Many thanks Douglas - this is a great reference!

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It is possible to take tender meat and cook it too long - it gets too soft and the texture suffers.

As per other posts I would cook lamb for just long enough to reach temperature - depending on the thickness (see the tables) this is likely a hour or less.

Thanks! I'll try this out this weekend and report back!

Also, I'm still open to suggestions for my dish (in terms of flavors/combos). If it's too off-topic, pm me!

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Many thanks Douglas - this is a great reference!

You are most welcome.

I calculated the cooking times for frozen meat last night, but it meant solving a nonlinear heat equation that is numerically "stiff" (that is, very difficult to calculate). I only have a thermapen and so have not been able to test the accuracy of my calculations. Indeed, all my calculations are based on the thermal conductivity and specific heats I found in journal articles and not my own experiments. If any of you have the equipment necessary to check my calculations for frozen meats, I would really appreciate.

Thanks,

Douglas


My Guide: A Practical Guide to Sous Vide Cooking, which Harold McGee described as "a wonderful contribution."

My Book: Sous Vide for the Home Cook US EU/UK

My YouTube channel — a new work in progress.

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      The recipe does not say how to blend or when to stop.
       
      Hoping one of the gurus can give me guidance before I try this again.
       
      Many Thanks
      Luke
    • By onemorebitedelara.com
      Has anyone used Valrhona Absolut Crystal neutral glaze particularly to thicken a coulis or to glaze a tart?  If so, how did you like it and is there another glaze you think worked as well but is less expensive or can be purchased in smaller quantities?  
    • By kostbill
      Hello.
      I would like to buy some pectinex ultra sp-l.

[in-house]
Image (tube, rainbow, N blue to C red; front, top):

However I am worried about the temperature during the shipping time.
      I read that the storage temperature should be between 2 and 8 C. It works best from 15 to 50 C, and if it stays a lot of time in 25 C, it will gradually be deactivated.
       
      It needs a week to come here (Greece), then will it affect its abilities?
       
      Do you know if I can find a document somewhere that explains the gradual loss of power as a function of time and temperature?
      Did you have any experience with pectinex not working well due to bad storage?
       
      Thanks.
    • By Galchic
      Hello, folks, thanks for reading.
       
      My husband thinks, I should start selling my popcorn seasonings (which I make for my family), it’s a good product. But I'm not sure if it’s interesting to other people... So, what do you think, guys?
       
      Our story: 
      We’ve bought an air popper machine, but popcorn came out pretty tasteless. Then, we’ve bought different “popcorn seasoning” mixes... But it always ends with all the seasoning at the bottom of the bowl. Then, we've added butter, oil and so on before seasoning...  we got soggy, chewy popcorn. Lot’s of disappointments…
       
      When we almost gave up… the magic happened! I figured out the way to make seasonings that:
      Stick to popcorn, but not sticky to fingers (or T-shirt  , Easy to apply, May be pre cooked in bulk and stored… And popcorn appears crunchy, tasty, thoroughly covered with seasoning.  
      Sounds good, yep? Now, when I want to treat myself  - I only need 2 mins to turn tasteless popped popcorn to a real treat.  
      The only moment - it request 1 extra effort: after you toss it over popcorn, you need to microwave it for 1 min, and stir after.
       
      So, I was wondering, if you like popcorn like myself - would this seasoning be interesting for you to purchase? Are you ready for a little extra work (microwave & stir) in the goal to flavor popcorn, or it feels too much effort?
       
      As I have no experience in manufacturing and retail, your answers would help me to make a very important decision - to dive in or not... 
       
      Thanks in advance for your answers, it means the world to me.